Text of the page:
The terrible consequences of bad government policy on individuals is never more apparent than in the actions of the Home Office. The Cameron government’s attempted to address the rising public anxiety about immigration by setting a target to bring net migration below 100,000. It was an arbitrary number and a policy almost impossible to achieve, but was potentially electorally fruitful amidst controversy about ever rising numbers.
To bring about a reduction in immigration a set of policies called the “hostile environment” was introduced, designed to pressurise migrants to prove their rights to remain and pushing them to leave. Theresa May supported the policy and as Home Secretary pushed the Home Office to do whatever it could to achieve the 100K target.
The result of this concerted effort to implement an arbitrary and ill thought out policy is a shameful level of insensitivity and inhumanity being shown towards people that have made a home in this country are being treated wretchedly. It’s a national embarrassment.
EU nationals have already been on the receiving end of the Home Office’s hostility, despite having come to this country under EU free movement rules, and despite widespread calls for their rights to be guaranteed.
Now, shockingly, the Home Office is targeting the ‘Windrush generation’, the people who came from the West Indies to Britain in 1948 to work and fill gaps in the labour market.
Thousands of people who arrived in the UK as children in the first wave of Commonwealth immigration are being threatened with deportation. They have lived and worked in the UK for decades and consider themselves to be British, but are being told they are here illegally.
The issue has arisen because under the 1971 Immigration Act, all Commonwealth citizens living in the UK were given indefinite leave to remain, but the act abolished the freedom of movement between British Commonwealth nations which existed before.
Until the 1971 Act, the Commonwealth citizens who came to Britain had citizenship rights, and therefore did not need the paperwork that was required of immigrants after the Act was passed. The Home Office seems never to have compiled paperwork on this group and is now, bafflingly, it is implementing its ‘hostile environment’ policies against them, and demanding proof of their right to be in the UK.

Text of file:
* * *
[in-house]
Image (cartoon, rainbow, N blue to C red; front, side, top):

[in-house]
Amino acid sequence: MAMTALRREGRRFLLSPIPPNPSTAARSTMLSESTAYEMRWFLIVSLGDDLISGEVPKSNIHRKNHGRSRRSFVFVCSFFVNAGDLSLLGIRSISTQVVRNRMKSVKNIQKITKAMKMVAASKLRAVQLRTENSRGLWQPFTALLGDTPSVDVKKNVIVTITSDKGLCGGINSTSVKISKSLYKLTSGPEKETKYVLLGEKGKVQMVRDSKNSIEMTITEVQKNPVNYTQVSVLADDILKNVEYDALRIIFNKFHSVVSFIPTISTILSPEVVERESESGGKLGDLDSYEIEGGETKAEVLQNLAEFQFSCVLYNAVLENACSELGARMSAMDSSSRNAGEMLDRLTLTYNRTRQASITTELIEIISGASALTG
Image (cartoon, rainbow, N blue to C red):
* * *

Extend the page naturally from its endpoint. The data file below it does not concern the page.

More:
Many of the Commonwealth citizens who moved here never formalised their immigration status because they thought of themselves as British. Then, in 1971 they were guaranteed their rights. The Windrush generation often came here as children and didn’t bring their own papers of keep evidence. Those born in Caribbean countries are thought to be more affected than others because they were more likely to arrive on their parents’ passports without their own ID documents.
We are talking here about people who were invited into our country to help rebuild it. They were given the opportunity to make a new life here. They are an integral part of the social fabric.
They have worked hard, paid their taxes and raised families. They are British, pure and simple. They don’t deserve to be threatened and harassed.
Under the hostile environment policy, migrants are required to provide documentary evidence of every year they were in Britain. If you are a Commonwealth citizen who came here in the 1950’s, imagine how difficult that is. If you are poor, or poor at record keeping and paperwork, it may be impossible.
Elwaldo Romeo who moved to Britain from Antigua 59 years ago has now been told he is in the UK illegally. His Home Office letter said he was ‘liable to be detained’ because he was a ‘person without leave’. He now must report fortnightly to Home Office premises, and has been advised that the staff can offer him ‘help and support on returning home voluntarily’.
Paulette Wilson is a former cook at the House of Commons who came to Britain from Jamaica in 1968. She received a letter from the Home Office telling her to register each month at the Solihull immigration centre. Paulette has been threatened with deportation and wrongly sent to immigration removal centres. Earlier this year, the former Labour minister Lord Falconer raised her case:
“While she was there on a visit, officials declared that she was an illegal immigrant, had her carted off to the appalling Yarl’s Wood immigration removal complex and told her that she would be deported – presumably back to Jamaica, which she had not visited since she left as a child almost 50 years before,”
Glenda Caesar has had a career in the NHS, had children here (her eldest is 40) and her mother and father are buried in UK soil. She has lived here almost all her life and considers herself British, but because she has no ID records of her arrival she faces an uncertain future.
It is utterly appalling and brings shame to our country.
This is unacceptable. If you agree, I urge you to write to your MP about this matter and sign the petition calling for amnesty for the Windrush generation of migrants who came here as children. If even a single one of the Windrush generation is deported having been granted rights, it will be a sickening historic injustice. That we are even having to discuss this is disgusting.